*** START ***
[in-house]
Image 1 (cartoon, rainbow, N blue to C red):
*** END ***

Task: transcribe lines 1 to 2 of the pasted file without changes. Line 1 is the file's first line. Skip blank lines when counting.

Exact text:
[in-house]
Image 1 (cartoon, rainbow, N blue to C red):